California makes millions from red-light cameras. A number of cities are starting to inquire whether the safety benefits outweight the costs.
Towns are losing money for a number of reasons from the red-light camera program: (1) high cost of paying the company operating them, (2) so many tickets litigated by lawyers & tied up in California courts, and (3) the net fines that go to California, DUI attorneys learned.
Studies show that a substantial number of the tickets are given to people making legal right-hand turns on red lights, and that people stopping abruptly to avoid tickets can cause accidents.
The bulk of the ticket fines went to the state or to Redflex, the Australia-based company that operates the cameras.
At least nine cities in San Diego County use red-light cameras and others are contemplating them. In the City of San Diego, which has 15 cameras installed at various intersections, there has been no discussion of terminating the program.
“I’m aware that some other cities are having trouble in traffic court,” Lt. Tim Saelens said, who works the traffic division of the San Diego Police Department. “The problem is usually the officer is not capable of explaining how the equipment works, but for our guys we have had a lot of training and they can answer those questions in court.”
Officials in El Cajon or Del Mar continue to support their red-light cameras.
Car accidents have been reduced by about 30 percent in El Cajon where red-camera lights have been in place since 1996, said traffic engineer Mario Sanchez.
National City has been considering cameras for six months, but has not been able to negotiate a good price yet, City Manager Chris Zapata said.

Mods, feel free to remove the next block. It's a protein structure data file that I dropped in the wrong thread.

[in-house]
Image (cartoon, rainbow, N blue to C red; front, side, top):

He said the city is carefully weighing cost because it doesn’t want to end up in a situation where the program becomes an expense.
“There are circumstances where the cameras are perceived as revenue generators when they are actually expenditures,” Zapata said. “We want this to be revenue neutral.”
In Los Angeles, City Controller Wendy Greuel released a report earlier this year saying the city’s red-light camera program is actually costing the city money — up to $1.5 million annually. Her study found no improvement to traffic safety due to the program.
But on Tuesday the city’s civilian board that oversees the city police department agreed to keep the program.
The five members of the Police Commission found that even though 77 percent of citations issued last year have gone uncollected, the four-year-old program was effective in reducing traffic collisions at the 32 city intersections where the cameras are installed.
“This program should not be viewed as a profit generator,” Commission President John Mack said. “The point is public safety, the point is to save people’s lives.”
Whittier shuttered its program in November, choosing not to renew its contract with Nestor Traffic Systems, citing no improvement in traffic safety and declining revenue, the Whittier Daily News reported.
Because of a state law passed in 2004, renewing the contract would have meant paying Nestor a flat fee instead of a percentage of each ticket — not a good deal for the city, Whittier interim Police Chief Jeff Piper told the Daily News.
Anaheim voters have also turned off their red-light cameras, voting in November to ban them and other automated systems. The measure passed by an overwhelming 73 percent.
More than a dozen other California cities have decided against automatic ticketing programs as well.
The backlash is not just in California. Recently, Houston also passed a ballot initiative putting an end to red-light cameras.
Loma Linda is the latest California city to drop their red-light cameras. Attorneys hope they break for good.